Mulally’s global engineering approach allows Ford to load its cars with features. Rather than spending superfluously on engineering groups in Europe, the U.S. and Asia, one global team based mostly in Europe brought the Focus ST to life, said Jamal Hameedi, chief engineer for Ford’s Special Vehicle Team, known as SVT.
That allowed for the development of technology to amplify the roar of the Focus ST’s engine, an important attribute to the driving connoisseurs who buy hot hatches. A device known as an active sound symposer, a tube attached to the car’s intake manifold, uses an electronically controlled valve that opens and closes in response to engine speed and gear position. A similar system gives the Ford Mustang its throaty growl.
“That’s stuff that we never would have been able to afford in the prior business model,” Hameedi said. “We can hire a team of engineers to really deliver a very special sound inside the cabin and go into areas we never would’ve touched before.”
Ford was criticized by enthusiasts in the past for denying U.S. buyers its European performance cars or for watering them down by taking away essential features to keep prices low.
“When the new Focus came, it was a return to its European roots,” Don Sherman, technical director for Car and Driver, said in a telephone interview. “Ford got its act back together again, fortunately.”
Car and Driver’s November comparison test between Focus ST and Volkswagen GTI was one of the closest in the magazine’s history, Sherman said. The margin of victory was one point out of a potential 240 points.
“Even though the ST is the slightly larger and heavier hatch, it thumps the GTI’s agility with quicker, tighter steering,” the magazine said. “Considering how long and how well VW has raced slot cars, that’s a colossal achievement.”
VW isn’t rolling over. It’s boosting the power on a new version of the GTI debuting in the U.S. next year, the seventh generation of the model that arrived in 1983. It will have 258 pound-feet of torque, up from 207, and 210 horsepower, from 200.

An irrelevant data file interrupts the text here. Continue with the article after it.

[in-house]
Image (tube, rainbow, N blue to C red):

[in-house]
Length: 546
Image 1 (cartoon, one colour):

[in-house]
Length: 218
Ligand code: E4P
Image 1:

“The new GTI takes the performance aspect to the next level, with having the most power ever,” Andres Valbuena, a Volkswagen product planning manager, said in a telephone interview. “It’s a lot more aggressive on the track or in the performance driving aspects, but it still keeps all the composure. That’s what really separates us.”
The U.S. is the GTI’s No. 1 market, said Valbuena, who has a 1992 GTI in his garage. It has remained a strong seller in the U.S. even as VW’s fortunes have waxed and waned. The company’s U.S. sales fell 4.5 percent last month and are up 3.7 percent this year to 180,146 vehicles. It is targeting 1 million annual sales in the U.S. by 2018, part of a plan to become the world’s top-selling automaker, surpassing GM and Toyota.
Michael Comora, a 16-year-old high school junior in suburban Fort Lauderdale, Florida, fits the profile of an aspirational buyer. His first car, bought in June, is a metallic blue GTI, with the car’s distinctive plaid seats.
“My dad writes the checks, but I did the negotiating and everything with the dealer,” Comora, a subscriber to Road & Track, Motor Trend and Car and Driver, said from his hot hatch last week after seeing Iron Man 3. “I first noticed the GTI was the kind of car I wanted when I was 11 or 12.”
New Focus ST owner Visnesky was sold by power and price.
“The GTI is comparable and it’s a nice, sporty-looking hot hatch, but it’s 50 less horsepower and it’s actually more expensive,” he said. “Winding roads are the best fun in it. Dropping it into second or third gear, it’s fun to get into that, just hear the turbo roar and just go.”
To contact the editor responsible for this story: Jamie Butters at firstname.lastname@example.org.